Social Enterprise Development
Supporting social enterprises helps bring underserved communities, including women, indigenous populations, and at-risk youth, into the tourism value chain. Sustainable Travel International is collaborating with the Planeterra Foundation to support local opportunities and build the capacity of communities who wish to offer tours, accommodations, handicraft businesses, and other tourism-related services. By connecting more people with the economic benefits of the travel sector, these projects make important strides toward alleviating poverty and improving well-being.
Colombia Community Tourism
Lost City (Ciudad Perdida), Colombia
The Wiwa and Kogui indigenous people of the Sierra Nevada have, for the most part, remained in isolation throughout history. Recently, these people have had increased contact with the outside world as they struggle to avoid conflict in the high mountainous region where they are often put in danger by illegal activity. The tribes have a strong desire to access tourism that upholds their cultural values and celebrates their customs.
Through collaboration with the only indigenous tour operator in the region, Wiwa tours, this project is identifying opportunities for communities along the Ciudad Perdida (Lost City) trekking route to reach the tourist market. Establishing micro-enterprises along the trek will provide opportunities for women to sell traditional bags and other handicrafts to customers from tour groups that visit the area. This project also supports the development of a training and capacity-building program for indigenous-owned tourism businesses to provide food and lodging services along the Lost City route.
Bolivia Community Salt Lodge
Santiago de Agencha, Bolivia
Travelers come to Bolivia for the stunning views of the salt flats, but many do not see the cultural offerings in the communities they visit. Santiago de Agencha is a community of 300 people, with a strong cultural identity and a history of Quinoa farming. This project is providing an investment to build a community tourism program where travelers can enjoy a farm experience in a traditional Andean village, and stay at a community-owned and operated salt flat lodge. The entire community will benefit from the additional visitors, especially the women who can supplement the farming income of their husbands by providing tourism services like hosting and handicrafts.
This project also supports capacity building to teach women in the community how to manage a restaurant, a lodge with capacity for 50 people per night, and a walking tour of the community and its farms. In addition, the project is funding significant improvements to an abandoned lodge. Once the program is in place, the community will be able to offer a one-of-a-kind salt flat experience. All of the services related to this experience are brand new job opportunities for women in the village. Because the lodge is run by the community association, revenue from the tourism experience will be invested back into community needs.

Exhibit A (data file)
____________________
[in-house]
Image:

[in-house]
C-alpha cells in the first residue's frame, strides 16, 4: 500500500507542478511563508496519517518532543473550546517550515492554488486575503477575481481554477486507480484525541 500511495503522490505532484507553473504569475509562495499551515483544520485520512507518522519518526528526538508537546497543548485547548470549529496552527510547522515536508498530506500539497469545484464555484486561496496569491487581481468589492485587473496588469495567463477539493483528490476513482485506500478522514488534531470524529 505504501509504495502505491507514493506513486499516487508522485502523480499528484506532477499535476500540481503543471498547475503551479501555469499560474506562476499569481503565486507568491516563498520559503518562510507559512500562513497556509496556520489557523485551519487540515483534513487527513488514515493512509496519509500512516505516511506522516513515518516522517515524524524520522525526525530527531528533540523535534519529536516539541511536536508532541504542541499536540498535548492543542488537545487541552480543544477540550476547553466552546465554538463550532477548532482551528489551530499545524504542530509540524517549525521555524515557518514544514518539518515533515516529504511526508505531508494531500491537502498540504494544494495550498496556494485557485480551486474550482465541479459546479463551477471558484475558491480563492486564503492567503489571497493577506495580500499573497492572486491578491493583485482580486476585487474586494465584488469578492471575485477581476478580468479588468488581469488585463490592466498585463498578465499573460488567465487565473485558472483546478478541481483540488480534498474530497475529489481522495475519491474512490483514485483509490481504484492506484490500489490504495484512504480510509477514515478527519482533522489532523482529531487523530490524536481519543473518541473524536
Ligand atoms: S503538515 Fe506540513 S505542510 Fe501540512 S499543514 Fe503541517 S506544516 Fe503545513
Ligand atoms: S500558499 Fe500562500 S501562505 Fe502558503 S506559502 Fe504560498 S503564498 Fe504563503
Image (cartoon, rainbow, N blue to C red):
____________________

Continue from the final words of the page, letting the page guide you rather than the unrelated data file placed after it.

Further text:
Tengger Community Homestay
Mount Bromo, Indonesia
The village of Ngadas is home to 1,800 members of the Tengger indigenous tribe. The Tengger people have a rich history associated with the nearby Mount Bromo volcano, which is one of the most sacred sites in the country. Over the last few decades, the Tengger people have faced adversity from illegal logging activities in the region, coupled with a shift in their younger generation moving away to larger cities. By developing a tourism economy through homestays in their village, the people can supplement their small agriculture incomes and offer their youth prospects for a future in their own community.
This project supports the establishment of a homestay program that benefits 93 families in Ngadas. The program is owned and managed by the Tengger people, which gives them an opportunity to diversify their income on their own terms. The homestays are being equipped with proper bedding and washroom facilities, along with hospitality training for the hosts. As part of the program, associated micro-enterprises will be developed to provide food and souvenirs to the travelers, and create local day tours of the surrounding natural areas.
About Our Partner
Established in 2003, by global adventure travel company G Adventures’ founder, Bruce Poon Tip, Planeterra Foundation is a non-profit organization that has contributed millions of dollars towards projects in areas of social enterprise, healthcare, conservation, and emergency response. Planeterra’s social enterprises are uniquely designed with the tourism value chain in mind. The businesses become self-sustaining through an already existing customer base. Where other development models typically generate positive results over a 3-5 year horizon, Planeterra’s projects see positive returns within the first year. Some of Planeterra’s earliest projects have now seen continual growth in these communities for over a decade.